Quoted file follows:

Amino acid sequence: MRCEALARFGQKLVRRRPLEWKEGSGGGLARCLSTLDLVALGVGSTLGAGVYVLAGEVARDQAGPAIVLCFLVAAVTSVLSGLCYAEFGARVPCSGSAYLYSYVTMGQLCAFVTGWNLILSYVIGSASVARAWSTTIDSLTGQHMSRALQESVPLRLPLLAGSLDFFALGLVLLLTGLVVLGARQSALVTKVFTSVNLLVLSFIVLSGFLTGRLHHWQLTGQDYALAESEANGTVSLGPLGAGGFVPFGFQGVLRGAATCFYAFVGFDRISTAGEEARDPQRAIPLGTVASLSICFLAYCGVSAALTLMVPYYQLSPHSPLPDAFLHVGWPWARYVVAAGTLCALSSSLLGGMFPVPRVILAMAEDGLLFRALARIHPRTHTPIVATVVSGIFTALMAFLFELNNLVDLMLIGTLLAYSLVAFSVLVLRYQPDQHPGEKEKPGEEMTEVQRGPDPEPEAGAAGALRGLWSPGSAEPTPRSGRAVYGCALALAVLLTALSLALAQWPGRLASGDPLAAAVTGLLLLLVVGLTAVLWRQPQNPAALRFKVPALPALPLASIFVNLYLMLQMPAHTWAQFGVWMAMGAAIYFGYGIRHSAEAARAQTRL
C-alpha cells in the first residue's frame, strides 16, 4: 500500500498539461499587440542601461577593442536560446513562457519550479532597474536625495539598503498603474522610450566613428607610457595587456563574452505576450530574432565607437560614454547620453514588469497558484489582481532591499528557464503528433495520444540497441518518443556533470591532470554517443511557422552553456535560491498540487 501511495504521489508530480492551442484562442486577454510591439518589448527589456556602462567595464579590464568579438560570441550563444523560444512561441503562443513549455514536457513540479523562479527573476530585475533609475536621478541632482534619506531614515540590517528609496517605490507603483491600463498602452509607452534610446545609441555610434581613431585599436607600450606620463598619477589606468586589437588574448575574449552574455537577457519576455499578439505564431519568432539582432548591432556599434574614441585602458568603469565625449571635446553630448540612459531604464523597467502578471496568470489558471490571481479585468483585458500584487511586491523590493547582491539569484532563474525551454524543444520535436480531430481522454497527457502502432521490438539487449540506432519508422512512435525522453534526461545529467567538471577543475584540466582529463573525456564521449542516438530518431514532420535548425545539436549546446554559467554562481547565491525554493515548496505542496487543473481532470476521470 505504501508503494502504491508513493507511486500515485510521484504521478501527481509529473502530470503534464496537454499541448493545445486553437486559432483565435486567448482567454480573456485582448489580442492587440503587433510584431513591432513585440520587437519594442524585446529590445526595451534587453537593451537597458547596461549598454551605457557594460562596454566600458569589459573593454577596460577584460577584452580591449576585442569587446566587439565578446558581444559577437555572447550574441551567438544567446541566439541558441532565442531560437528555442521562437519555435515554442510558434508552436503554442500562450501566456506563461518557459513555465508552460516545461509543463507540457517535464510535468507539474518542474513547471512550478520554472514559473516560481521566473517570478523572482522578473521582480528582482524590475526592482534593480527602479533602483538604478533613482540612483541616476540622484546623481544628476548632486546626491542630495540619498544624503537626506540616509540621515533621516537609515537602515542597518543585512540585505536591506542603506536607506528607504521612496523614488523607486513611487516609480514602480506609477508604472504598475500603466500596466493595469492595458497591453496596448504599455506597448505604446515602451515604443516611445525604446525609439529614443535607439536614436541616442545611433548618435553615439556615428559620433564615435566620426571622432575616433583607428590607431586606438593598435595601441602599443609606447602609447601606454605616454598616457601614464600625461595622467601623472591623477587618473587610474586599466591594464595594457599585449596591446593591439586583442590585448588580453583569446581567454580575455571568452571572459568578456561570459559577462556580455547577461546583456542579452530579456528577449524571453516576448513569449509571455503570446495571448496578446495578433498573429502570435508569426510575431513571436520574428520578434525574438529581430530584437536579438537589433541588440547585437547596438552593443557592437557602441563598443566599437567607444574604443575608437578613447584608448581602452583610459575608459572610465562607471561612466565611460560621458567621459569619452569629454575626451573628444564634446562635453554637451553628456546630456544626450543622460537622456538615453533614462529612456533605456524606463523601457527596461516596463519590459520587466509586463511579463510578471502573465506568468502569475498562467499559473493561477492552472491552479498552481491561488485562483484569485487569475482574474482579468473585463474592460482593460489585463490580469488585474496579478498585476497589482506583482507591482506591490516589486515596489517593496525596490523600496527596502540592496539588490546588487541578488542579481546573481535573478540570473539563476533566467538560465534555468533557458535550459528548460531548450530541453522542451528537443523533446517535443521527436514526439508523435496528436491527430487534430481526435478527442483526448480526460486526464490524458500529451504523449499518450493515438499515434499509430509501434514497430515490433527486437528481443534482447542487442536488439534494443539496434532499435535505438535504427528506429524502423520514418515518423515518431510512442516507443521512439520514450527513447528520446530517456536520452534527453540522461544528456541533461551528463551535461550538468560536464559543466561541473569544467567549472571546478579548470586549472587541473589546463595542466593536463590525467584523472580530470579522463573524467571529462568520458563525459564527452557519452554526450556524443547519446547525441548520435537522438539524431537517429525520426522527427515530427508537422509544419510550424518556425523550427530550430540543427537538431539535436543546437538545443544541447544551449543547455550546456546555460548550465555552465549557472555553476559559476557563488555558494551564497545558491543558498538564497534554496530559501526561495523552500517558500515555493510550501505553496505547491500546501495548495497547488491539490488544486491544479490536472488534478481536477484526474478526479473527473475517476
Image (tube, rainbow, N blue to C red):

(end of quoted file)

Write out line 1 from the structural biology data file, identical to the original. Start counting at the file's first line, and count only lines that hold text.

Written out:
Amino acid sequence: MRCEALARFGQKLVRRRPLEWKEGSGGGLARCLSTLDLVALGVGSTLGAGVYVLAGEVARDQAGPAIVLCFLVAAVTSVLSGLCYAEFGARVPCSGSAYLYSYVTMGQLCAFVTGWNLILSYVIGSASVARAWSTTIDSLTGQHMSRALQESVPLRLPLLAGSLDFFALGLVLLLTGLVVLGARQSALVTKVFTSVNLLVLSFIVLSGFLTGRLHHWQLTGQDYALAESEANGTVSLGPLGAGGFVPFGFQGVLRGAATCFYAFVGFDRISTAGEEARDPQRAIPLGTVASLSICFLAYCGVSAALTLMVPYYQLSPHSPLPDAFLHVGWPWARYVVAAGTLCALSSSLLGGMFPVPRVILAMAEDGLLFRALARIHPRTHTPIVATVVSGIFTALMAFLFELNNLVDLMLIGTLLAYSLVAFSVLVLRYQPDQHPGEKEKPGEEMTEVQRGPDPEPEAGAAGALRGLWSPGSAEPTPRSGRAVYGCALALAVLLTALSLALAQWPGRLASGDPLAAAVTGLLLLLVVGLTAVLWRQPQNPAALRFKVPALPALPLASIFVNLYLMLQMPAHTWAQFGVWMAMGAAIYFGYGIRHSAEAARAQTRL